iii) Derailing - making it about you - either by "topping" their experience with your own, or making a big deal about if YOU were in that situation, or a "what about me" approach. Again, this might need some soul searching to think about why you need that validation in someone else's experience, as well as why you are reluctant to let others have their moment
Instead try to practice ACTIVE LISTENING. This is where you interact with what is being said by asking open questions, writing things down, or paraphrasing back to the speaker what they said, just to make sure you have received the information accurately. If asking questions ask open questions to learn more - those which begin with "Who", "What", "Why", "Where", "When" or "How". These elicit more detail than close questions which often only need a one word answer eg:
OPEN: How are you?
CLOSED: Are you well?
And be aware that there are 4 levels of listening too:
There are 4 levels of listening - Hearing (where we are thinking about something else - very little goes in); Listening (where we can probably repeat a few words by may not understand the true meaning of what was conveyed; Active listening (where we interact with the information - and thus can take in much more); Deep listening (almost like listening between the lines and we may get a very full sense of what is happening in doing so...this level is usually reserved for professionals such as coaches or teachers or the medical and legal professions.)
How can we get comfortable with talking more...even small talk
Small talk is often the hardest, and many people don't like it. In fact, I often get told "I just love the deeper conversations"...so do I, but I really only want to have those with a few people!!
So when it comes to the more fleeting interactions:
1. Some very basic tips here can include:
a) Offer to help out – eg with events or other places where you may meet people as part of the organising team, as well as enjoy the event. It is sometimes a lot easier to converse when you have a clear job to do.
b) Join a car pool or take advantage of any events organised by work eg. Fitness classes, Art classes and even training. This gives you the opportunity to meet people who might share an interest or be at the same level as you - as such, you already have something in common.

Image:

c) Family and hobbies can also make good topics of conversation - where again you might find common ground, as well as what was on TV last night.
d) Accept invitations – even if you’re not sure if you’re going to enjoy the event, and see it as an opportunity to practice chatting.
2. For a deeper/more personal conversation:
And if you are wanting or needing to talk about something personal it can help to say - “I don’t know where to start” or even explain what you are hoping for eg “I just need you to listen rather than advise” as this can ensure the conversation starts on the same page.
Sometimes people find it easier to write things down – and while talking face-to-face will enable better understanding, if writing is going to be easiest – at least get it out there. It’s can also be helpful to have a written outline of the things you want to say even if you are speaking face to face, because that way the conversation will remain on track…emotions can have a tendency to pull us off course.
3. Remember, practice in a safe space without anything too personal – because talking is a “Performance skill” – and it gets easier with rehearsal
Dr Audrey Tang is a chartered psychologist and author with a specialty in the "how to take action", rather than just giving explanation and advice. Listen to her podcast Retrain Your Brain here; and catch her practical masterclasses Psych Back to Basics on DisruptiveTV & Energy Top Up for resilience. For self development tools based within positive psychology: click Her YouTube Channel . Twitter/IG @draudreyt